Are you considering recording audio using a microphone or an instrument? You are going to need an audio interface. We explain what an audio interface is and why you need one in this guide.
One of the staple pieces of hardware you’ll need for music production is an audio interface. This device comes in several shapes and forms, but the ones you will most likely use are docks that you can place on your table or rack mounts if you have a standard-size rack.
To cut to the chase, you will need an audio interface to record professional-quality audio. In fact, some of them are also useful for midi recording as well. We will cover what an audio interface does and what benefit you will get by owning one. Furthermore, we will also provide you a guide to buying an interface at the end of this article. Let’s get right into it!
What Is An Audio Interface?
An audio interface is a device that connects your audio recording sources like mics, keyboards, guitars, etc., to your computer. It records audio in professional quality, which sets it apart from regular mic inputs on your PC. Similarly, it also connects to your speakers or headphones with quality sound.
Inside every audio interface, you will find two things: an audio-to-digital and a digital-to-audio converter. The first is a series of components that convert the audio information from your microphone or guitar into digital data that your computer can understand. The latter converts the digital audio from your computer to analog audio that your speakers produce.
Another crucial component of the audio interface is the preamp. Every professional audio interface contains a preamp chip that amplifies your mic or guitar/violin pickup volume. The better the quality of the preamp, the cleaner your audio recording will be.
Last but not least is the phantom power supply. It is a constant, clean DC 48v (±4v, usually) power supply that is used to power on a condenser microphone. It is not required for a dynamic microphone or guitar/violin pickup. Hence, you can turn the phantom power supply on or off as needed.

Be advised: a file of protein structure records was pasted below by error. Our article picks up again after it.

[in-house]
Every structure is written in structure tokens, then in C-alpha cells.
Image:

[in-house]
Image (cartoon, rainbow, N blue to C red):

Why Do I Need An Audio Interface?
You need an audio interface to make professional audio recordings from microphones or instrument pickups, play noise-free audio from your studio monitors or headphones, and power your condenser microphones. There are also other functionalities that are available in all or select audio interfaces.
For example, some audio interface manufacturers provide features that free up computer resources, whereas others include multiple connectivities required for connecting older hardware like synths and keyboards to your computer. The following are the functions and features of an audio interface:
- Audio Preamplification
If you have ever tried recording audio from your computer’s mic inputs on the motherboard, you probably heard a noise that sounds like radio static mixed with your voice. That is an example of a bad preamp. In contrast, the audio interface’s preamp amplifies the signal captured by microphones or pickups with as little noise as possible.
- Digital-to-Audio Conversion
Every audio interface has a Digital-to-Audio (D/A) converter. What sets it apart from your computer’s internal D/A converter is that an audio interface prioritizes clean, unenhanced audio output over the bass and stereo-width boosted audio found in commercial laptops or phones. Unenhanced or flat audio is critical in music production.
- Headphone Amp
If you have purchased a pair of studio headphones, you probably noticed it has a specification called ohms (Ω) that typically ranges between 32 Ω (Samson SR850) to 250 Ω (Beyerdynamic BT-990). A higher value means more resistance, and thus, the headphone will require more power to function. An audio interface is equipped with a headphone amp to support a wide variety of headphones.
- Multiple Inputs And Outputs